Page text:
Vijayan R, Mareeswari V and Samyukta V, International Journal of Engineering and Technology, VIT University [2]. Energy conservation is also an important issue in MANETs because mobile nodes are often battery powered and cannot function without enough power level. They gave a solution to energy conservation by a cross layered approach. This can be achieved by applying congestion control algorithm for the MAC layer and then finding the maximum residual energy route in the network layer for packet transfer. To ensure an efficient cross layer interaction, issues related to efficient channel access, quality-of-service (QoS) support and congestion control are addressed with an energy efficient MAC protocol that adjusts with the enhancements in the performance of the network layer protocol. Since energy efficiency is a major challenge in MANETs the paper proposes an emerging solution to support flexible layer approaches in MANETs. In the solution of the paper an energy conservative model based on slow start, exponential increase of congestion window is integrated with the MAC layer where, the congestion increases exponentially for every acknowledgement received and for every Round Trip Time and once the threshold for congestion window is reached, congestion avoidance takes place and if packet loss occurs, fast recovery is done. Then, the residual energy of each node is calculated in the network layer and each node’s residual energy is added to other nodes’ residual energy, the maximum energy is compared and this goes on until the destination node is reached. This results in energy efficient route discovery with maximum residual energy and then the total hop and remaining hop count from the source node to destination node is received from the network layer, using this information the hop count ratio of remaining hops is calculated and based on the obtained ratio the packets to be forwarded are prioritized. The packets with lesser remaining hop ratio get more priority.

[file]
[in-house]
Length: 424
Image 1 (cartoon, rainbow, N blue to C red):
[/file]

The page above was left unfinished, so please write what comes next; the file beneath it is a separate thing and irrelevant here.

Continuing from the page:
Rachna Bagwari, Neha Garg, Emmanuel S. Pilli., Energy Efficient Enhancement of QoS-AODV Routing Protocol for MANETs, the Second Intl. Conf. on Advances in Electronics, Electrical and Computer Engineering [3]. Energy efficiency is nothing but using less energy to provide the same service. Rachna Bagwari, Neha Garg, Emmanuel S. Pilli[6], put forth a new approach for Energy Efficiency Enhancement of QoS-AODV routing protocol by setting a threshold limit and compare it with QoS-AODV routing protocol, End-to-End delay, packet delivery ratio, throughput and life time of network is measured and compared for QoSAODV and EEEQoS AODV. In the initial stages of the paper a general review of Adhoc On-demand Distance Vector (AODV) routing protocol and QoS-AODV is made and then EEEQoS-AODV route discovery is discussed. By seeing the performance the writers say that EEEQoS-AODV routing protocol is good in terms of energy efficiency that increases the life time of the network and as well as the quality of service.